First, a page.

it can run, the longer the memory span.
              Unattended Speech Effect
Performance on span tasks is impaired if items are
accompanied by other verbal material:
Colle & Welsh (1976) - immediate recall of digits is impaired if
accompanied by sound of someone reading German.
Explanation - unattended phonological material can gain
access to the phonological store.
Salame & Baddeley, (1987) - Spoken digits - “one”, “two”
impair digit span to the same degree as similar phonemes
like “tun, woo”
Both impair span more than non-similar words “happy, tipple”.
Explanation - code is phonemic, not semantic.
 This suggests that listening to music with vocals may impair
           your comprehension of complex texts.
                       Patient Data
Learning to read
Modal model cannot explain data from STM patients such as
KF - LTM should also be impaired (STS is bottleneck)
Data can be explained if it is assumed that these patients have
impaired phonological stores.
To what extent does rehearsal depend on “inner speech”?
Dysarthria: Inability to use speech musculature due to brain
damage.
Dysarthric patients have normal digit spans, and show normal
phonological similarity effects:
Articulatory control processes do NOT depend on peripheral
speech musculature - we can run a motor program centrally.

SO: Phonological loop preferred to articulatory loop
        What is the phonological loop for?
1. Learning to read:
Children with impaired reading ability have reduced memory
spans and have difficulties in tasks which require the
manipulation of phonological information (e.g. given Stop,
reply Top).

2. Language comprehension:
STM patients such as TB have some difficulty in
comprehending verbose or complex sentences e.g.
“The boys pick the apples” = OK; “The two boys pick the green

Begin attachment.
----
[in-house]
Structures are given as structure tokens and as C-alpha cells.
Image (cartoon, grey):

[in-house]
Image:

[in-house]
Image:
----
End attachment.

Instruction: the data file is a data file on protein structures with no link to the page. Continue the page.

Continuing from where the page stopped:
apples from the tree” = Impaired
3. Vocab acquisition
There is a strong correlation between non-word repetition
(which strongly taxes the phonological loop) and vocabulary
size (Gathercole & Baddeley, 1989)
                          Imagery
Imagery ignored by the behaviourists, - studied again in the
1960s.

“Imagery debate” - Kosslyn and Pylyshyn

Are processes involved in imagery same as those involved in
visual perception?
Imagery = Analogue or Propositional ?

Debate proved rather barren - but generated interesting
phenomena.

Neuropsychological and neuroimaging data suggests neural
substrates involved in vision also involved in imagery.
              The visuospatial sketch-pad
Baddeley - listening to American football disrupts driving
VSSP - A workspace in which an image can be stored and
manipulated to guide behaviour.

                 3     4      Brooks Matrix Task (1967)
                              Subjects learn sequence of
          1      2     5      sentences:
                              Spatial: “In the next square to the
                       6      right put a 2”
                              Non-spatial: “In the next square to
                              the quick put a 2”1

Subjects remembered 8 spatial vs 6 non-spatial.
Spatial instructions better when presented auditorily
Non-spatial instructions better when presented visually
            The visuospatial sketch-pad
Baddeley et al, 1975 - Ss perform Brooks matrix task with and
without concurrent distractor - pursuit rotor.




                                       Tracking disrupts the
                                       spatial task, but not
                                       its verbal equivalent:

                                       Sketchpad relies on
                                       spatial coding
             What is the sketchpad for?
Not as well studied as the articulatory loop
Geographical orientation: - learning our way around our